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Court of Appeal, Second District, Division 5, California.

IN RE: CHERI T., a Person Coming Under the Juvenile Court Law. The People, Plaintiff and Respondent, v. Cheri T., Defendant and Appellant.

No. B120133.

Decided: March 30, 1999

 Murray A. Rosenberg, under appointment by the Court of Appeal, for Defendant and Appellant. Daniel E. Lungren, Attorney General, George Williamson, Chief Assistant Attorney General, Carol Wendelin Pollack, Senior Assistant Attorney General, Pamela C. Hamanaka, Supervising Deputy Attorney General, and Susan C. Diamond, Deputy Attorney General, for Plaintiff and Respondent.

Appellant Cheri T., a minor, appeals from the juvenile court order which sustained a petition charging her with solicitation of prostitution and declaring her to be a ward of the court.   Appellant contends there was insufficient evidence to support the petition.   After review, we affirm the orders of the court.


In a petition filed under Welfare and Institutions Code section 602,1 appellant was charged with the crime of soliciting prostitution (Pen.Code, § 647, subd. (b).) 2  Appellant denied the allegations and the matter proceeded to trial.   The court sustained the petition and declared appellant to be a ward of the juvenile court.   Appellant was committed to the custody and control of the probation department for suitable placement.   The court ordered the minor be placed in open placement with on-grounds school and drug abuse therapy orientation for no more than a six-month period.


At around 7:45 p.m. on January 12, 1998, Los Angeles Police Officer James Eldridge (Eldridge) was working as an undercover vice officer in the area of Lincoln Boulevard and Brooks Avenue in Santa Monica.   As he was slowly driving southbound on Lincoln, he made eye contact with appellant, who was walking southbound on the west side of the street.   Appellant waved him over to the curb and he pulled over.

Appellant walked up to Eldridge's car and got in without being asked.   A conversation ensued during which the officer asked where they should go.   Appellant answered that they should go to a nearby 7-Eleven market.   Eldridge asked appellant whether he needed to get money, to which she replied, “yeah.”   Eldridge then told her he was on probation and asked appellant whether she was a police officer since he did not want to be arrested.   Appellant responded, “Do I look like a fucking cop?”   She asked if she could reach over and touch him to make certain he was not a cop, then grabbed Eldridge's crotch until he removed her hand.   The officer drove by the 7-Eleven, but appellant did not tell him to stop or pull over.

As they were driving, Eldridge asked appellant what her specialty was and she replied that it was whatever he wanted it to be.   When he asked again if she were a police officer, appellant said he could touch her if he wanted to.   Eldridge then asked appellant whether she would orally copulate him.   She said she would for $30.   He told her that was a lot of money, to which she replied, “Oh, well, I'm not one of these ten-dollar whores.”   Eldridge asked appellant where they should go and she said somewhere dark.   The officer gave a signal to his backup officers and they arrested appellant.


 “ ‘The standard of proof in juvenile proceedings involving criminal acts is the same as the standard in adult criminal trials.   [Citation.]’ ”  (In re Babak S. (1993) 18 Cal.App.4th 1077, 1088, 22 Cal.Rptr.2d 893, quoting In re Jose R. (1982) 137 Cal.App.3d 269, 275, 186 Cal.Rptr. 898.)   In reviewing the sufficiency of the evidence, the appellate court “must review the whole record in the light most favorable to the judgment below to determine whether it discloses substantial evidence-that is, evidence which is reasonable, credible, and of solid value-such that a reasonable trier of fact could find the defendant guilty beyond a reasonable doubt.”  (People v. Johnson (1980) 26 Cal.3d 557, 578, 162 Cal.Rptr. 431, 606 P.2d 738.)  “To warrant rejection of a witness' testimony that has been believed by the trier of fact, there must exist either a physical impossibility that it is true, or its falsity must be apparent without resorting to inferences or deductions.   [Citation.]  Conflicts and even testimony subject to justifiable suspicion do not justify a reversal, for it is the exclusive province of the trier of fact to determine the credibility of a witness.  [Citations.]”  (People v. Duncan (1981) 115 Cal.App.3d 418, 429, 171 Cal.Rptr. 406.)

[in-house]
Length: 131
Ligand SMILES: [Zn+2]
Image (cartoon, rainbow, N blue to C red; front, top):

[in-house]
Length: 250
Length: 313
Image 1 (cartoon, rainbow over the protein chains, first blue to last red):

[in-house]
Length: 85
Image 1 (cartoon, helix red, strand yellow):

To the extent interpretation of a statute is involved, however, a purely legal question is raised for our independent review.  (R & P Capital Resources, Inc. v. California State Lottery (1995) 31 Cal.App.4th 1033, 1036, 37 Cal.Rptr.2d 436.)   The principles governing statutory construction are well settled.   As our Supreme Court stated in Romano v. Rockwell Internat., Inc. (1996) 14 Cal.4th 479, 59 Cal.Rptr.2d 20, 926 P.2d 1114, “We interpret statutory language according to its usual and ordinary import, keeping in mind the apparent purpose of the statute.   [Citation.]  When no ambiguity appears, we give statutory terms their plain meaning.  [Citation.]”  (Id. at p. 493, 59 Cal.Rptr.2d 20, 926 P.2d 1114.)   “ ‘It is elementary that, if possible, statutes will be so construed as to avoid absurd applications and to uphold their validity.  [Citation.]  A statute “will not be given an interpretation in conflict with its clear purpose․”  [Citations.]’ ”  (People v. Bratis (1977) 73 Cal.App.3d 751, 757-758, 141 Cal.Rptr. 45.)

 “ ‘[I]n construing a statute, a court [must] ascertain the intent of the Legislature so as to effectuate the purpose of the law.’   [Citation.]  In determining that intent, we first examine the words of the respective statutes:  ‘If there is no ambiguity in the language of the statute, “then the Legislature is presumed to have meant what it said, and the plain meaning of the language governs.”  [Citation.]  “Where the statute is clear, courts will not ‘interpret away clear language in favor of an ambiguity that does not exist.’  [Citation.]” '  [Citation.]   If, however, the terms of a statute provide no definitive  answer, then courts may resort to extrinsic sources, including the ostensible objects to be achieved and the legislative history.  [Citation.]  ‘We must select the construction that comports most closely with the apparent intent of the Legislature, with a view to promoting rather than defeating the general purpose of the statute, and avoid an interpretation that would lead to absurd consequences.’   [Citation.]”  (People v. Coronado (1995) 12 Cal.4th 145, 151, 48 Cal.Rptr.2d 77, 906 P.2d 1232.)